Ontario is “roughly on track” to meet most of its energy conservation targets through 2030, but there’s a lot more the province can do to reduce its energy use, the province’s environment commissioner (ECO) reported late last week.
Those initiatives are still “the most cost-effective sources of energy in Ontario,” ECO notes in a release. And “conservation will only increase in value as the province’s nuclear refurbishments and Pickering shutdown get under way,” according to the report.
“Ontario has been growing its economy and population for a decade without increasing energy use,” said Commissioner Dianne Saxe, “and energy efficiency continues to improve.” But “it won’t be possible for Ontario to meet its greenhouse gas targets without substantial changes in how we plan and deliver our energy supply,” she added. “Ontario must look beyond its traditional energy silos and integrate electricity supply, storage, and use with other energy sources.”
Every Joule Counts, the second volume of the commissioner’s Annual Energy Conservation Progress Report, notes that electricity conservation came in at a price of 3.5¢ per kilowatt-hour in 2015, compared to price ranges of 6.5 to 26¢ for a cluster of renewables, 12 to 24¢ for hydro generation, 12 to 29¢ for nuclear, and 8 to 31¢ for natural gas.
Saxe and her team found that the province has already met its target to reduce public service greenhouse gas emissions 27% from 2006 levels by 2020/21, and is progressing well on its overall electricity conservation target of 30 terawatt-hours (TWh) by 2032. “The province is also far ahead in its efforts to use demand response measures to reduce peak electricity demand,” states the executive summary of the report. “However, much more effort will be needed to meet the province’s target for reducing electricity use among large industrial transmission-connected customers.”
Meanwhile, Ontario meets 37% of its energy demand with natural gas, and “in a carbon-constrained economy, gas conservation makes even more sense,” the executive summary notes. But preliminary results for 2015 indicated that natural gas savings by Union Gas, one of the province’s two major gas utilities, actually declined 17% from 2014, “primarily due to a drop in savings from large industrial customers.” The other big gas distributor, Enbridge showed a 20% improvement, thanks to higher savings by commercial and low-income gas users.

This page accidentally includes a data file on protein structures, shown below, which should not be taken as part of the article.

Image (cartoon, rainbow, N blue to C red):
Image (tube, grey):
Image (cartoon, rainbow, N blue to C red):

Those results reflect the reality that “the largest [natural gas] savings come from commercial and industrial customers,” the report notes. “However, given the higher cost of electricity, these customers often favour electricity conservation programs over natural gas programs, as the financial rate of return is higher. This puts natural gas at a conservation disadvantage.”
Even so, ECO concluded that “natural gas utility conservation programs make good sense—delivering roughly three dollars in benefits for every dollar spent.”
The study also found that Ontario’s Conservation First Framework delivers $1.27 in societal benefits per dollar invested—and, for better or worse, the program has nearly six years’ worth of funding available for the next five years of programming. That’s because almost all of the $432 million the program spent last year on conservation and demand management (CDM) was covered by lapsed funds from previous years.
Even so, Conservation First “has triggered a proliferation of innovation in conservation programming (unlike the previous framework), with 28 local programs and 31 pilots approved to date. The change in the approvals process and the establishment of clearer rules has made it much easier for [local distribution companies] to develop and test program ideas.”